Is it reasonable to expect that newspaper writers and editors should have an above-average grasp of grammar and simple word definitions, or is this wishful thinking?
The following headlines appeared in the local section of the May 24 Idaho Statesman: “Historic Idaho Site, Site of brutal 1863 battle pinpointed, Up to 500 Shoshone died in Bear River Massacre, Ancestors of the dead say they already knew location.”
So you’re saying then that relatives who lived prior to 1863 are still around to comment on the location? Or are you saying that those relatives who lived prior to 1863 were precognizant of the massacre, a la “Minority Report”? Either way, you might want to crack a dictionary and compare the words “ancestor” and “descendant.”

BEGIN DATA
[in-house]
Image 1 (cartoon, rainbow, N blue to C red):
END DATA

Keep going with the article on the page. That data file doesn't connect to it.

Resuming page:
And then in the May 30 Statesman we read the following headline for a guest opinion on patriotism? “We owe a debt to our sacrificing and brave U.S. descendants.” The article then speaks of the Founding Fathers, those who fought in the Civil War, World War II and others in the past.
Never miss a local story.
Apparently, confusion about the definitions of these two words is running rampant these days in the hallowed halls of the Idaho Statesman. Please try to be a little more scholarly.
Neil Parker, Boise